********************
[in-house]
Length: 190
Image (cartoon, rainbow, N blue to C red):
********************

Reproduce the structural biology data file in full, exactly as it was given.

[in-house]
Length: 190
Image (cartoon, rainbow, N blue to C red):